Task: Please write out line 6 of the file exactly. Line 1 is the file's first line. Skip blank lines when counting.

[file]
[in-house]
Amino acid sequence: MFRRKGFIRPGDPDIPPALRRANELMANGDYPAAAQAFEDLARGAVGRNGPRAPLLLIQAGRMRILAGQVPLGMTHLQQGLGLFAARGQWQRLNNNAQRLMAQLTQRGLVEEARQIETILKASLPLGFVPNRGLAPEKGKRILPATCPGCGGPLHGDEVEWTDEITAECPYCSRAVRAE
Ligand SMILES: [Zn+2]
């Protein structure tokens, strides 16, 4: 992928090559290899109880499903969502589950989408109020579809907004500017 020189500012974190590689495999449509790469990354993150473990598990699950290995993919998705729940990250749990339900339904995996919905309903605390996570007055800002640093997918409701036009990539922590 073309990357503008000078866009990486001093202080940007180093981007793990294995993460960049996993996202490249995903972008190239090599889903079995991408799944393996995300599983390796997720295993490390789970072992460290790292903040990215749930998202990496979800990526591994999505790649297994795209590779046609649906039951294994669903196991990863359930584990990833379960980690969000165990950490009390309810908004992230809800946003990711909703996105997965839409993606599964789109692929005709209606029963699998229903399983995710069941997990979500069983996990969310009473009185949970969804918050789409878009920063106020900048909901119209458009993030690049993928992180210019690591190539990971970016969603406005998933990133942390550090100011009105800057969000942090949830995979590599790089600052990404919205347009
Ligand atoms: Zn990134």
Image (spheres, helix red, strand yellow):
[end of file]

Image (spheres, helix red, strand yellow):